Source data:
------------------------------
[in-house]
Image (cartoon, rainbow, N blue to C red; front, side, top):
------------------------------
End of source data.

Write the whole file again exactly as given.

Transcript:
[in-house]
Image (cartoon, rainbow, N blue to C red; front, side, top):